President Donald Trump, meanwhile, arrived in storm-ravaged North Carolina on Wednesday, visiting a church in the hard-hit coastal of town New Bern where volunteers have been handing out food to storm victims.
Wilmington, population 120,000, was still mostly an island surrounded by floodwaters, and people waited for hours Tuesday for handouts of food, water and tarps. Thousands of others around the state waited in shelters for the all-clear.
“I know it was hard to leave home, and it is even harder to wait and wonder whether you even have a home to go back to,” Gov. Roy Cooper said.
After submerging North Carolina with nearly 3 feet (1 meter) of rain, the storm dumped more than 6.5 inches (16.5 centimeters) of rain in the Northeast, where it caused flash flooding.
Cooper warned that the flooding is far from over and will get worse in places.
“I know for many people this feels like a nightmare that just won’t end,” he said.
Addressing roughly 10,000 people who remain in shelters and “countless more” staying elsewhere, Cooper urged them to stay put for now, particularly those from the hardest-hit coastal counties that include Wilmington, near where Florence blew ashore on Friday.
Roads remain treacherous, he said, and some are still being closed for the first time as rivers swelled by torrential rains inland drain toward the Atlantic.
At least 27 of the deaths happened in North Carolina.
In South Carolina, two women died on Tuesday evening after a van taking the mental health patients from one facility to another was overtaken by rising floodwaters near the Little Pee Dee River, authorities said.
The risk of environmental damage mounted, as human and animal waste was washed into the swirling floodwaters.
More than 5 million gallons (18 million liters) of partially treated sewage spilled into the Cape Fear River after power went out at a treatment plant, officials said, and the earthen dam of a pond holding hog waste was breached, spilling its contents. The flooding killed an estimated 3.4 million chickens and 5,500 hogs on farms.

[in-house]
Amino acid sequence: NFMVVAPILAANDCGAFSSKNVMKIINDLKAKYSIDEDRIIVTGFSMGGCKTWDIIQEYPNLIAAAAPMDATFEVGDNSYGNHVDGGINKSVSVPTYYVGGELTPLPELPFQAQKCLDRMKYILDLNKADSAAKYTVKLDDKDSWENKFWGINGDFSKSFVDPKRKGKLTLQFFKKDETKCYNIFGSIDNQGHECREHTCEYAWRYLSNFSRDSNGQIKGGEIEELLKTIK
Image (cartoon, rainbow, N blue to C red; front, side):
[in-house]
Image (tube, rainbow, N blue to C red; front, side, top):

In Wilmington on Tuesday, workers began handing out supplies using a system resembling a giant fast-food drive-thru: Drivers pulled up to a line of pallets, placed an order and left without having to get out. A woman blew a whistle each time drivers had to pull forward.
Todd Tremain needed tarps to cover up spots where Florence’s winds ripped shingles off his roof. Others got a case of bottled water or military MREs, or field rations. An olive-drab military forklift moved around huge pallets loaded with supplies.
Brandon Echavarrieta struggled to stay composed as he described life post-Florence: no power for days, rotted meat in the freezer, no water or food and just one bath in a week.
“It’s been pretty bad,” said Echavarrieta, 34, his voice breaking.
About 3,500 vehicles came through for supplies on the first day they were available, county officials said in a Facebook post.
Supplies have been brought into the city by big military trucks and helicopters,
At Fayetteville, about 100 miles (160 kilometers) inland, near the Army’s sprawling Fort Bragg, flooding from Cape Fear River got so bad that authorities closed a vehicle bridge after the water began touching girders supporting the span’s top deck.
Fayetteville Mayor Mitch Colvin said it was unclear if the bridge was threatened.
“We’ve never had it at those levels before, so we don’t really know what the impact will be just yet,” he said.
Waggoner reported from Raleigh, North Carolina. AP photographer Gerry Broome in Lumberton, North Carolina; Gary Robertson in Raleigh; Alex Derosier in Fayetteville, North Carolina; and Jay Reeves in Atlanta contributed to this report.